Double trouble for SA over soaring unemployment

By Drum Digital
11 May 2016

South Africa's alarming unemployment rate is both a crisis and an indictment, and represents double trouble for the country, business groups have warned.

South Africa's alarming unemployment rate is both a crisis and an indictment, and represents double trouble for the country, business groups have warned.  

The Cape Chamber of Commerce and Industry and the Black Business Council (BBC) expressed concern over the country's latest unemployment figures which have risen to a record high, according to Statistics South Africa's Quarterly Labour Force Survey.

South Africa’s official unemployment rate for the first quarter of 2016 stands at 26.7%, representing a 2.2 percentage point increase compared to the last quarter of 2015. This means 5.7 million out of South Africa’s 36.4 million people of working age in the country were unemployed during the first four months of 2016.

The largest job losses were recorded in the manufacturing, construction and trade sectors.

The expanded unemployment rate, which includes discouraged job seekers, amounts to 36.3%, or 8.9 million people. The gap between the official and expanded unemployment rates increased from 7.2% in the fourth quarter of 2008 to 9.6% in the first quarter of 2016.

The Cape Chamber of Commerce and Industry cautioned that the rise in the unemployment rate represents double trouble for South Africa.

Firstly, having nearly six million people out of work creates a massive social problem with consequences that are difficult to predict and, secondly, it underlines the poor performance of the economy, it said.

“This double trouble will be very difficult to overcome,” said the chamber's president Janine Myburgh.

“Business confidence is low and the government has been very slow in implementing the structural reforms the National Development Plan recommended for economic growth.”

These changes include labour market and industrial relations reforms.

“Our priority should be to remove all obstacles to job creation. The approach to business should be ‘What can we do to encourage you to employ more people?’. Instead, the approach was to over-regulate and prescribe to business on how it should go about running companies."

Myburgh said the long-term problem is education which, despite massive investment, is not producing the required results.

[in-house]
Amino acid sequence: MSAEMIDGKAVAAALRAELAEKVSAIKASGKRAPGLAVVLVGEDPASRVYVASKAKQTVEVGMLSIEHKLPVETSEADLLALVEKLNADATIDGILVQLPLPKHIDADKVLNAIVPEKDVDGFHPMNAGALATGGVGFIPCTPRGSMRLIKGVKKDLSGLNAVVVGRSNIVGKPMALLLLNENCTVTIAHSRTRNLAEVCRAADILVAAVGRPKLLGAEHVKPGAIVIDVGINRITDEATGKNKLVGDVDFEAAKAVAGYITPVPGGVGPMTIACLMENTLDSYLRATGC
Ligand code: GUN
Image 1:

She also criticised policies and legislation which discourage foreign investment, such as the new expropriation bill and the requirement that security companies from overseas should dispose of 51% of their shares to local investors.

“We must also ask ourselves how (much) jobs ‘mistakes’ like the unnecessary visa regulations have cost the tourism industry and the country,” Myburgh said.

“What we need is less interference in the economy. This will improve business confidence and we will see more investment and skills training leading to economic growth,” she said.

The BBC warned that if not addressed, unemployment could reverse many of the country's gains since democracy was attained.

"It is both a crisis and indictment on us all that more than 520 000 people have been added to the unemployment pool between the fourth quarter of last year and the first quarter of this year," said CEO Mohale Ralebitso.

He said the need for structural reform in the economy cannot be overemphasised.

"We also need to get to grips with better enabling the informal sector and elementary workers who are the most vulnerable to a negative economic climate."

Ralebitso called on the private sector to implement urgent interventions, like making use of accumulating Skills Development Levies and the Employment Tax Incentive, which incentivise employers to not only improve the absorption rate but also enhance skills among the employed to boost their global competitiveness.

"We cannot expect to have any productivity improvements and flexibility in the labour market if we are not helping the employed improve their marketability while improving the feeder network in parallel."

He also recommended more radical transformation measures, such as the accelerated development of black industrialists.

"This will not only boost economic growth in key sectors most affected by the job losses, but furthermore diversify the employment opportunities available as more players participate in the market," Ralebitso said.

"To this end, we urge that government substantially grow funding for the likes of the National Empowerment Fund so they can continue to play their catalytic role and build a deeper pipeline for the Black Industrialist programme, while accelerating existing Black Industrialists."

The BBC implored the private sector and government to work together aggressively to create an environment conducive to job creation and skills development, through measures that stimulate and sustain industrialisation and increased economic growth.

"We need to keep the rainbow nation dream in our sights and not let unemployment, poverty and resultant inequality rob SA of its potential," Ralebitso concluded.

Source: Fin24

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